What Happens when CAN-SPAM is Enforced for Advertisers

What Happens when CAN-SPAM is Enforced for Advertisers?

Five Cases where CAN-SPAM was Enforced for Advertisers


You’ve likely heard the jokes about CAN-SPAM meaning you ‘can’ spam somebody. The law has been criticized over the years for it’s moderate requirements and lack of enforcement. We, however, have seen and heard about many enforcements in unfortunate scenarios that have resulted in millions of dollars worth of penalties. In an effort to share the importance of remaining CAN-SPAM compliant, we thought we would share a few cases from the last decade.

    • U.S. v. ValueClick – Value Click subsidiary, Hi-Speed Media used deceptive e-mails, banner ads, and pop-ups to drive consumers to its web sites. Valueclick was ordered to pay $2.9 million to settle the charges.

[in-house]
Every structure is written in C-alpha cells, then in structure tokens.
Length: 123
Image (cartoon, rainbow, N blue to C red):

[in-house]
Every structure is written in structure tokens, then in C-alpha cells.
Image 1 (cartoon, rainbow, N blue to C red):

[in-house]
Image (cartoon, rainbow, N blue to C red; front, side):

• U.S. v. BangBros.com – BangBros Inc was sued in 2005 by the U.S. government for not properly labeling sexually explicit images and messages.
  • FTC v. Atkinson – Atkinson, a New Zealand citizen, was ordered to pay $15.5 million for his role in the largest spam gang in the world. 
  • FTC v. Sili Neutraceuticals – Sili Neutraceuticals received a $2.5 million judgment for not providing a physical address in commercial emails.
  • U.S. v. Kodak Imaging Network, Inc. – Kodak was forced to pay a $32,000 penalty for not providing a valid unsubscribe mechanism. 

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